The Associated Press (AP) is reporting that Department of Homeland Security Secretary John Kelly has authored a memo calling for implementing the mobilization of 100,000 National Guard troops for immigration enforcement. According to the memo, National Guardsmen would be authorized “to perform the functions of an immigration officer in relation to the investigation, apprehension and detention of aliens in the United States.”
Trump’s spokesperson Sean Spicer says that the AP report “is false. It is irresponsible to be saying this… There is no effort at all to round up, to utilize the National Guard to round up illegal immigrants.” Spicer, who has repeatedly lied to the press, has little credibility. According to the AP, a number of Department of Homeland Security staffers have seen the memo and several said that it was under active discussion last week. These Homeland Security staff were from several different offices, lending greater credibility to the existence of the memo.
The states where the mobilization would take place are “California, Arizona, New Mexico and Texas, Oregon, Nevada, Utah, Colorado, Oklahoma, Arkansas and Louisiana,” according to the Associated Press.
This move to militarize interior immigration enforcement is unprecedented in living memory. The National Guard was used briefly by the George W. Bush administration for immigration enforcement after September 11, but there are significant differences between that deployment and the plan the Trump Administration is considering.
The Bush deployment used the National Guard exclusively along the border with Mexico. The Trump plan would use the Nationa Guard both at the border and in the interior. In fact, most of the states on the mobilization list have no common border with Mexico. The Trump plan contemplates National Guard units making arrests in cities and rural areas in the states named on the list.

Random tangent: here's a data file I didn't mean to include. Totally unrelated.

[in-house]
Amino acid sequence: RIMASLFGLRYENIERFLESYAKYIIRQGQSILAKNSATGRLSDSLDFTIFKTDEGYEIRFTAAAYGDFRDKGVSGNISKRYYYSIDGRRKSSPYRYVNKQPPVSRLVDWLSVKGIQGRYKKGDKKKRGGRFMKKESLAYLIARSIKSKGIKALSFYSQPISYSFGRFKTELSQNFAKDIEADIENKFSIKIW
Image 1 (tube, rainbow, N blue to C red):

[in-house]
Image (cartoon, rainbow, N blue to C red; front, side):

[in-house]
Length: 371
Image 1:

During the Bush deployment, the National Guard acted as back-up for the Border Patrol, but the Trump proposal would authorize the National Guard to act independently, to question and arrest suspected undocumented immigrants. Even so, federal review found that the National Guard troops were poorly trained and violated immigrants’ rights.
The Bush deployment involved very small numbers of National Guard troops, 2,000 or fewer at any one time, but the Trump effort would use up to 100,000.
The militarization of immigration enforcement carries with it grave risks. National Guard weaponry and training are not good matches for immigration enforcement. In addition, using poorly trained Guard soldiers to question and arrest immigrants is likely to lead to widespread racial profiling and other abuses.
This is yet another indication that the Trump Administration has declared war on immigrants. Fortunately, under current law, the president is unlikely to be able to mobilize the Guard unless the governors of the states in question agree to join in the plan.